The Cefn-coed Viaduct is the third-largest viaduct in Wales. This huge, curved structure once carried the Brecon and Merthyr Tydfil Junction Railway and is now part of the Taff Trail, which is Route 8 of the National Cycle Network that runs between Cardiff and Brecon. It offers walkers and cyclists a superb view of the Taf Fawr as it cascades over the many weirs in the valley.
|County||Merthyr Tyfdil County Borough|
|Engineer||Alexander Sutherland & Henry Conybeare|
Free street parking
Merthyr Tydfil – 2 miles
What is the best way to enjoy Cefn-coed Viaduct?
You can start from either end of the viaduct. This guide will start from its southern entrance. Head up the path onto the viaduct.
Carefully look over the edge to appreciate the sheer scale of this structure and its magnificent curve.
You will also get a magnificent view of the Taf Fawr valley with the crashing sounds of water cascading over the river’s weirs.
Continue over the viaduct and take in the views. Once you are ready to move on, exit the viaduct and follow the path past the apartments until you reach Station Road where you will see the Station Hotel, another relic of the railway that continued up to Brecon on the right.
Turn left on Maes-Y-Garreg then take your first left onto Job’s Lane. This will lead you down under the viaduct.
This is a fine spot to inspect the stone piers and yellow brick arches.
Continue along Job’s Lane and turn right at the end onto Pontycapel Road. This is where you will get one of the best views of the viaduct at ground level.
Follow Pontycapel Road and cross the road bridge over the Taf Fawr. The sheer scale of the viaduct becomes apparent now that you are viewing it from the lowest point of the valley. Follow the road round until you come to a fork, take the left path.
Follow the road up under the bridge that carries the A470. Look back and you will see a path that follows the southwest abutment, take this route. The path will take you back under the viaduct and up to where you started this walk.
How long does it take to see Cefn-coed Viaduct?
It will take you roughly 30 mins to cross the viaduct then walk back to your starting position through the valley as detailed above.
Is Cefn-coed Viaduct suitable for a picnic?
The only decent spot for a picnic would be further down the Taf Fawr on its banks; however, the roaring sound of the weirs might not be relaxing for everyone. It’s probably best to bring sandwiches and a flask of tea rather than a full-on spread.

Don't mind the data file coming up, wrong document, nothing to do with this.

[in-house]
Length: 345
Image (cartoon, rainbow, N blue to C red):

How do I get to Cefn-coed Viaduct?
The viaduct is part of the Taff Trail, which is Route 8 on the National Cycle Network. It runs from Merthyr Tydfil town centre so you can easily reach the viaduct by foot or bike if you are travelling in via train or bus. The viaduct is 1.5 miles from the centre.
If you are travelling by car, you can park on the streets north of the viaduct in Cefn-coed-y-cymmer; however, we would recommend you park in the northern Cyfarthfa Retail Car Park by B&Q. There is a path around the back of the store that will take you down to the Taff Trail and then it’s a short walk to the viaduct. Please note the car park may have terms and conditions so park there at your own risk.
History of Cefn-coed Viaduct
1865 – During the construction of the viaduct, a carpenter was killed after falling into the Taff Fawr. He had slipped on the scaffolding. A newspaper article prompted a safety review noting the lack of precautions taken during the winter months. .
1866 – Several hundred masons go on strike over grievances in March following the employment of five turncoats who were not connected with the mason’s society or union. The five men left, and work resumed four days later . The viaduct was completed in September after 200 additional men were hired .
1881 – Several telegraph poles are blown down by a ferocious storm. This removed several large stones that form part of the wall running along the viaduct leaving multiple gaps several yards in length .
1927 – The viaduct was repaired and pointed throughout .
1951 – The viaduct is first designated as a listed structure .
1961 – Passenger services between Merthyr and Ponsticill are withdrawn, freight traffic continues to run on the line.
1966 – Freight traffic is withdrawn and the line closes .
Architecture and dimensions
Cefn-coed Viaduct is 770 ft (235 m) long and 120 ft (36.6 m) high. It is a rusticated-limestone structure of fifteen arches, set on a curve . The tall, slender piers and parapets are constructed with coursed irregular sized rock-faced limestone blocks. The semi-circular arches are of brick  measuring 39.75 ft (12.1 m) long .
- (1865) ‘The Late Accident at Cefn’, Cambria Daily Leader, 5 December, p. 2.
- (1866) ‘The Strike’, Cardiff Times, 23 March, p. 7.
- (1866) ‘Cefn Viaduct’, Cardiff and Merthyr Guardian, Glamorgan, Monmouth, and Brecon Gazette, 17 August, p. 3.
- (1881) ‘The Storm’, Wrexham Advertiser, 15 October, p. 5.
- (1927) ‘Cefn Coed Viaduct Beauty of a Structural Triumph Renewed’, Western Mail, 5 January, p. 9.
- Cadw (2020) Full Report for Listed Buildings. Available at: https://cadwpublic-api.azurewebsites.net/reports/listedbuilding/FullReport?lang=en&id=11377 (Accessed: 4 January 2022).
- Barrie, D. S. M. (1980) The Brecon and Merthyr Railway. Trowbridge: The Oakwood Press.
- Coflein (2020) Cefn-coed-y-cymmer Viaduct;cefn Viaduct, Merthyr Tydfil. Available at: https://coflein.gov.uk/en/site/34786 (Accessed 9 January 2021).
- Cragg, R. (1997) Civil Engineering Heritage Wales and West Central England. London: Thomas Telford Publishing.